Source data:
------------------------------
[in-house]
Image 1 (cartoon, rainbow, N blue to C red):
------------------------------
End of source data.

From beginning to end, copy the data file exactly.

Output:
[in-house]
Image 1 (cartoon, rainbow, N blue to C red):